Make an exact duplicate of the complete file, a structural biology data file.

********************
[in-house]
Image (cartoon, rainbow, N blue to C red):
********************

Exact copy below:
[in-house]
Image (cartoon, rainbow, N blue to C red):